Implementing a virtual telehealth simulation in an undergraduate nursing program (Elizabeth Burrows, MSN, RN): As the population ages, instances of care in the home are increasing, though nursing education continues to focus on inpatient clinical education. Smith and Barry (2013) outlined the need for nursing educators to include community-based clinical experiences to meet the needs of future nurses. While telehealth is a popular tool for providing care virtually to the home-based setting, it is rarely used in nursing education or in simulation. Telehealth is a virtual modality used in hospitals, rehabilitation centers, and outpatient clinics that allows providers to remotely communicate, assess, and determine a plan of care for patients. A pilot project was developed to provide an educational experience introducing telehealth to undergraduate nursing students. Students viewed the telehealth interaction independently, then had a multi-step assignment to complete. This assignment included the students capturing a video of themselves providing patient education as if they were the telehealth nurse, among other objectives. The completed student assignments demonstrated a continued need for instruction in the areas of prioritization and determining the appropriate level of care for a patient. Compared to pre-survey results, students felt more confident in completing an assessment, providing client education, and discussing family dynamics after completing the assignment. Students also reported an increase in their ability to communicate via video technology and reported a stronger understanding of the use of video technology in health care delivery. The student outcomes reported for this telehealth simulation learning experience support creating additional telehealth simulation assignments to meet the needs of nurses and communities.

Enhancing exposure for your simulation laboratory using the 7Ps of marketing (Debra Alexander, MSN, RNC-OB): In a competitive market, there are several different choices in pursuing a nursing degree. Nursing programs want to attract the brightest students. In order to do so, nursing programs need to use strategies commonly used by other professions to showcase their programs. When thinking of a nursing program as a consumer product, one can apply the marketing mix (7Ps) conceptual framework to gain exposure for simulation laboratories. The 7Ps of marketing include: product, price, place (or distribution), promotion, physical evidence, process, and people. The purpose of this project was to describe the benefits and implementation plan of the 7Ps in terms of target audiences (children, prospective students, alumni, donors). For example, we designed tours showcasing our nursing program (product) is cost effective (price), targeting groups of consumers differently (distribution), by provided by knowledgeable (promotion) and personable (people) in the simulation laboratory (physical evidence) that describe the use of the laboratory space (process). By creating individualized tours that fit consumer needs (length of time in the laboratory space, hands-on, or demonstration only) we are honing in on the “it” factor that helps make our program stand out on campus and in the community. As a result, there has been tremendous growth of our tours from few campus tours to 320 elementary school student, 220 high school students, and 80 prospective nursing students in one semester. The 7Ps of marketing have the potential to enhance exposure of simulation laboratories on campus and in the community.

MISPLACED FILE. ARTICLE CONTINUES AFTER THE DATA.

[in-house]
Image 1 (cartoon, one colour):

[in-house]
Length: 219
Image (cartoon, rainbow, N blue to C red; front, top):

Using intraprofessional collaboration to improve clinical competence and confidence: The hospital simulation experience (Jaimee Kastler, PhD, RN, CHSE): First-semester students entering a local baccalaureate program have limited to no experience in the clinical setting. Students report feeling ill-prepared for the clinical setting, not knowing how to enter rooms, what to expect when they see the patients, and how to interact with the patients and staff. This effects the students’ confidence, willingness to assist staff, and performance in clinical as well as the ability for them to meet their clinical objectives. Faculty spend valuable time walking students into patient rooms and instructing them on how to interact with patients and staff. Aim: The purpose of the hospital simulation was to improve student confidence and competence at clinicals. Method: Using Bandura’s social cognitive theory as a foundation, faculty matched graduating seniors with incoming juniors to provide care to eight volunteer “patients”. The volunteers were trained on the purpose of the simulation, roles, and learner expectations. Lab staff set up 2 rooms as hospital units. Task trainers were used for IV starts and indwelling foley insertion. Moulage allowed for wounds, incisions, soiling of dressings, and urine output. Sim pads and monitors allowed for manipulation of vital signs. 79 first semester students acted as student nurses and 55 second-semester leadership students acted as primary nurses or charge nurses, rotating through 2-hour shifts. First semester students followed the primary nurse, observing and assisting in patient care and communication. Results: Faculty reported students being more confident in clinical, more assertive and willing to answer call lights and provide basic nursing care without coaxing.